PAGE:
Side note – nobody likes a loud mouth. If your pal has confided in you, respect that. It can be really tricky for someone to open up about things, so if they’ve trusted you with that information, don’t share more than you think they’d feel comfortable with. 

Go ahead and ask 

Sometimes the best thing you can do is say it as you see it. 

Too often, we shy away from digging a little deeper because we don’t like to think that our friend is sad. But avoiding the subject all together, can make someone feel even more isolated or silly for feeling the way they do. 

The truth is, no matter how much banter your mate might throw at you, whether they’re the life and soul of the party, or always seem to be smiling – anyone can struggle with their mental health and anyone can feel suicidal. 

Mostly it’s about listening and giving them space to chat. Let your friend know you’re worried about them and that they can talk to you in confidence. Don’t try and fix things, pretend to know how they feel, or convince them how lucky they are. Instead, allow them time to talk, ask questions like “how does that make you feel?” and reassure them that these feelings aren’t permanent and support is available. 

Remember that everyone is different and what one person might breeze through, another may find more challenging. 

Give them something to smile about

Who doesn’t like a laugh?

You know that feeling when someone messages you out of the blue with a joke they think you’ll appreciate, or to remind you of a hilarious thing you did once, it’s nice huh?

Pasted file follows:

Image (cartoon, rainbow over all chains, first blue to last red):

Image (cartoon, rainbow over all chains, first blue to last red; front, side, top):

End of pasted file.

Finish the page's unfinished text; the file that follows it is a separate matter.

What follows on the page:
Just because you know someone is having a hard time, doesn’t mean your messages have to be heavy. A little laughter goes a long way when you’re feeling crap, so send a message to let someone know you’re thinking about them, ask them over for a movie, or just send them something you found funny today. It might just turn their day around. 

Don’t shy away from the S word

Get comfortable talking about suicide and the stuff that makes you uncomfortable. 

It’s time to derail the stigma attached to feeling suicidal. You might worry that talking about suicide will put ideas in your friend’s head, but that’s not true. Acknowledging they’re feeling this way can actually be a big relief and make them feel less alone. If you think someone you care about is struggling with suicidal thoughts, we have a whole page on ways to support them. 

Remember it isn’t your sole responsibility to keep them safe. If you’re worried, share your concerns and point them in the direction of support. If you think they’re at immediate risk, you can call their GP surgery, contact Samaritans, call 999, or take them to A&E and stay with them until they’re seen by a member of the mental health team.  

If in doubt, give ALAN a shout 

Here at CALM, we have our own mate who we lean on from time to time and you can lean on him too.

Sometimes it’s easier to talk to a stranger

Don’t be offended or take it to heart if they don’t want to reveal all. When a friend doesn’t want to tell you what’s going on, it can feel a bit like you’ve failed, but you haven’t. There’s nothing wrong with giving them a nudge in the direction of some professional support. CALM’s helpline and webchat service is open every day from 5pm until midnight. It’s free, confidential and run by trained professionals who will support your mate in their next steps. Access it here.